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90-day drilling moratorium is a myth

As the process for updating the rules for Colorado’s booming oil and gas industry moves forward, the Colorado Oil and Gas Conservation Commission staff and I will continue to incorporate constructive comments to ensure that the adopted rules fulfill our legislative mandate while allowing the industry to thrive.

These changes are part of the rulemaking process that we created to write the best rules possible to balance Colorado’s increasing pace of drilling and development with protections for public health, the environment and wildlife.

Before the draft rules were released on March 31, we participated in five public forums and more than 30 meetings with stakeholders, including the oil and gas industry, conservation groups, sportsmen, property owners and local governments. Since that time, we have continued to meet with numerous parties who reflect a multitude of viewpoints.



That extensive input, as well as hundreds of public comments, has been extremely helpful to the staff in developing clarifications and alternative language for the new rules.

Initial clarifications to the proposed rules were released in late May and will be considered by the commissioners. Another set of clarifications and alternative language will be released this week.



The process will continue to be open and positive. The final rules that result will guide the energy boom that has fueled our economy along a path that respects and protects Colorado’s extraordinary landscapes, clean water, abundant wildlife and healthy communities.

The extensive public dialogue has allowed us to address misconceptions as they arise. At the initial public input hearing in Grand Junction last week, we heard many industry employees articulate that they believed that the rules will impose a mandatory 90-day moratorium on drilling in western Colorado to protect wildlife.

There is no such rule, and none was ever contemplated. The claim has needlessly distressed those who depend on drilling for their livelihoods.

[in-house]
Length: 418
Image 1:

Western Colorado is one of our most active energy producing regions, but it also is home to our largest deer and elk herds, prized cutthroat trout populations and imperiled sage grouse.

A thoughtful approach to energy development is critical, and the draft rules would enable energy companies to drill new wells 12 months a year by:

– Developing a comprehensive drilling plan, which designs operations for large geographical areas that offer year-round drilling sites while protecting sensitive wildlife habitat.

– Consulting with DOW on smaller areas, as companies have in the past, to protect wildlife habitat while maintaining a 365-day-per-year drilling schedule.

– Reducing the density of operations in significant wildlife areas to two well pads per section.

In 2010, when the new wildlife rules would go into effect, the energy companies will be given multiple options to avoid the 90-day drilling restrictions. Such restrictions would be the last resort for companies that choose not to work with DOW.

It’s worth noting that energy companies are subject to 150-day drilling restrictions on federal land to protect wildlife, and there is no comparable range of options available.

The prosperity that oil and gas development has brought to Colorado, including jobs and vigorous local economies, is important and will continue under the new rules.

The energy industry itself has demonstrated that 365-day-per-year drilling schedules are possible within the state’s significant wildlife areas. The Colorado Division of Wildlife has recognized large and small energy companies for their efforts in this area and will continue to do so.

I, the COGCC staff and the commissioners themselves look forward to hearing more insightful comments, refining the draft rules as appropriate and writing the final version of rules that allow the energy industry to prosper and conserve the Colorado we all love.

Dave Neslin is acting director of the Colorado Oil and Gas Conservation Commission.


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